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I think they just charged the MSRP full retail price on your parts, not a mark up per say just retail. Probably adds $200 plus to the job.
 

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Not trying to be an egotist, only guy I know how to replace a timing belt correctly is me. Take the time to break the new belt in so the tension can be adjusted properly. And already mentioned replacing the camshaft seals as well.
 

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Thanks for posting the pic. Do you have the breakdown of what the #'s are pointing to?
Can find it right here:

ENGINE for 2014 Chevrolet Cruze

Ha, being as frugal as I am, get the part numbers off this or other sites like it, and do a google search to find the best price for that part, searching on ebay is a good start or even rockauto.com or Amazon to save a couple of bucks and get free shipping.

Another thing I do, is to check the country of origin on the tensioner or idler pulley, if China, press it out and throw it as far as I can. Only use bearings made in the USA, Canada, or Japan.

Another great source is alldata.com to get access to an online shop manual, Like a buck per month to get all of the specifications and procedures. Been using this even since I always buy the shop manual for the vehicle I intend to keep.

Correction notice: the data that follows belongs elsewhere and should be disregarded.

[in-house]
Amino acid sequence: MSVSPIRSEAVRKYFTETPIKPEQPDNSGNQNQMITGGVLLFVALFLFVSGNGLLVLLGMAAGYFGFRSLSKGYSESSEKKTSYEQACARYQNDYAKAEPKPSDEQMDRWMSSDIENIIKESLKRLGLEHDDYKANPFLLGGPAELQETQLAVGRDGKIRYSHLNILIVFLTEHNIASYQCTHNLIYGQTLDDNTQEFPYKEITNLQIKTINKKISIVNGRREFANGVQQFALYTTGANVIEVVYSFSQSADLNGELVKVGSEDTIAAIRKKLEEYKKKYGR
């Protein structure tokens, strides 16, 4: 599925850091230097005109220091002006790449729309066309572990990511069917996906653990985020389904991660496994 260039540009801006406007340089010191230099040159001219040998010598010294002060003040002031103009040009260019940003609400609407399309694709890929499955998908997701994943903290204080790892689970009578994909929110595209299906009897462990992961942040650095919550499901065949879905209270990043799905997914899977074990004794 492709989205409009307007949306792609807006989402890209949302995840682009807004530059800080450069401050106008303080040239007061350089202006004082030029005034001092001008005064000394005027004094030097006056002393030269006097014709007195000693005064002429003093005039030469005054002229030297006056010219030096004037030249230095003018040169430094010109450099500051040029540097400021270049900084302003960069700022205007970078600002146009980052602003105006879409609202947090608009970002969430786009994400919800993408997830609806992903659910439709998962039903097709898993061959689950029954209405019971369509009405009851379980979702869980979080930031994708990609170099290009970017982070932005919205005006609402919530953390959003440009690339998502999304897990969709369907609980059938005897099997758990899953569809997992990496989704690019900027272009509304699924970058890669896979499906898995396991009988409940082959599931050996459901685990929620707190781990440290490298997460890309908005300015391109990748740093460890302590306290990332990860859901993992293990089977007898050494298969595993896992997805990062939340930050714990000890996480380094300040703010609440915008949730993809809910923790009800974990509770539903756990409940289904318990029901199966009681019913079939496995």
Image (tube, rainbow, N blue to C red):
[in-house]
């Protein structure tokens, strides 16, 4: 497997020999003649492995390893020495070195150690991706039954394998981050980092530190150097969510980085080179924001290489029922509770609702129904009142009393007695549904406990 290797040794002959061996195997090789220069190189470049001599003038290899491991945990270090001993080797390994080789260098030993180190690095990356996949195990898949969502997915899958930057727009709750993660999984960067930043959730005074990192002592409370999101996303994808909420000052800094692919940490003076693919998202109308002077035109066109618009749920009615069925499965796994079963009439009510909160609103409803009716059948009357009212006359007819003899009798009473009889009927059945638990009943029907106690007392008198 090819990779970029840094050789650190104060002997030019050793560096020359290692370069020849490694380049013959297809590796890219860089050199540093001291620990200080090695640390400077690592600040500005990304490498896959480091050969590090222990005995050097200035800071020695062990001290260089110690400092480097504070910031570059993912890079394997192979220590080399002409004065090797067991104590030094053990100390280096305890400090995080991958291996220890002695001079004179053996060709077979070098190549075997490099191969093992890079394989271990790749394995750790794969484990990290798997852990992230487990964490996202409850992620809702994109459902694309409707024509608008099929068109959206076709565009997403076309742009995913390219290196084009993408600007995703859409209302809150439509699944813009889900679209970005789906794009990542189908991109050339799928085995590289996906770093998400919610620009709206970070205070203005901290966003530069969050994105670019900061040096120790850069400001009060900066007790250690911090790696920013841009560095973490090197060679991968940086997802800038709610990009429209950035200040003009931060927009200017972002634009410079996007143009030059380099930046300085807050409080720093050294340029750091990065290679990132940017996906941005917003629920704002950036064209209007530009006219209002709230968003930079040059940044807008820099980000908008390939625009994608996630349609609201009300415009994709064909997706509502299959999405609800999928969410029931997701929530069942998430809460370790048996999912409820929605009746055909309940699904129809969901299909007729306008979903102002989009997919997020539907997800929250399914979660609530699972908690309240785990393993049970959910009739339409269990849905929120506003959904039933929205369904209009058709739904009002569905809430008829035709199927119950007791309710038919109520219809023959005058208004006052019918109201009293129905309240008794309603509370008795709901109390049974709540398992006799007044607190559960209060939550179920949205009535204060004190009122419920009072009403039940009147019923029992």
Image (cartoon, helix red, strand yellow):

Cruze manuals are nuts, alldata has a search engine to help you find what you are looking for.

When ordering, just type in "DIY2015" to get a nice discount.
 

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I was pricing out parts on RockAuto a couple days ago, and I came to a total parts cost of around $300 for the job. As for a Serpentine Belt, I usually buy the Gates belt from RockAuto, which they have for $26, so $325 or so, plus shipping, for the parts to DIY.
 

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Another person who plans to DIY the timing belt when it comes time but don't blame a soul who pays to have it done either.

I honestly don't think $1,000 bucks of routine maintenance at 100,000 miles is that ridiculous.

Some people are so anal about total cost per miles instead of happiness per mile it's a wonder to me that they ever bought a new car in the first place!

On a side note, Gator's method of saving for the timing belt is also how people ought to approach "extended warranties". Put that cost of the warranty aside and go on vacation when you most likely don't use it! If you need it, it's there.